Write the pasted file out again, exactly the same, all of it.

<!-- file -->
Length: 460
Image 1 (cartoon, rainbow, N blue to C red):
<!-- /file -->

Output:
Length: 460
Image 1 (cartoon, rainbow, N blue to C red):